11 Examples Of Misplaced Modifiers

The best, most enjoyable writing is clear, simple, and elegant.

But when one of your modifiers is misplaced, clarity goes out the window. And so does the reader’s enjoyment.

But do you know how to spot a modifier error — and how to fix it when you see it?

Once you read our 11 examples of dangling and misplaced modifiers, you will. 

What is a misplaced modifier?

A modifer is a word or phrase that describes a noun in the sentence.

If there are multiple nouns that could be modified, it makes sense to put the modifer close to the one it’s describing. 

A misplaced modifier is positioned so that it appears to modify a noun other than the one it’s meant to describe.

The right noun is in there, but its modifier is off flirting with another.

So, what’s the difference between dangling and misplaced modifiers?

With dangling modifiers, the noun it’s supposed to modify isn’t even in the sentence. You’ll see more examples of these in another post

Fortunately, we have ways of dealing with both misplaced modifiers. And the following examples will show how.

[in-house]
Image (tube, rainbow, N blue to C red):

11 Examples of Misplaced Modifiers

Once you know how to spot a misplaced modifier, it’s a cinch to put it where it belongs — as long as you know exactly what you’re trying to say. 

If you’re the author, you probably do. Even you’re editing someone else’s work, you can probably guess the most likely meaning.

Otherwise, you can either get clues from the surrounding context or ask the author for clarification. 

Example 1

“Asleep on top of the refrigerator, Marilyn couldn’t find her cat. “

Since Marilyn wouldn’t be looking for anyone if she were asleep, we can guess that “her cat” is the one “asleep on top of the refrigerator.”

Plus, who could sleep up there will all the cereal boxes and potato chips?

We can fix this by rephrasing the sentence in one of the following ways:

“Marilyn couldn’t find her cat, who was asleep on top of the refrigerator.”
“While her cat slept on top of the refrigerator, Marilyn couldn’t find him.”

c

Example 2

“I wore my favorite pants to the job interview, which accidentally picked up road salt from the side of my car.”

The job interview didn’t pick up road salt from my car; my pants did.

We can fix this by rephrasing the sentence in one of the following ways:

“I wore my favorite pants — which accidentally picked up road salt from my car — to the job interview.”
“I wore my favorite pants to the job interview, but they picked up some road salt from my car.” 

c

Example 3

“Topped with roses, Mireille admired the finished wedding cake.”

Mireille is probably not the one topped with roses — but this sentence makes it sound as though she could be.